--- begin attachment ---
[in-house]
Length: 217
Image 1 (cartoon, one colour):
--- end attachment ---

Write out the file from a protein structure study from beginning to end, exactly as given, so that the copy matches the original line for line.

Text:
[in-house]
Length: 217
Image 1 (cartoon, one colour):